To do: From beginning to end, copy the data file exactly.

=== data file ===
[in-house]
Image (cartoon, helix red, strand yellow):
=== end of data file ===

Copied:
[in-house]
Image (cartoon, helix red, strand yellow):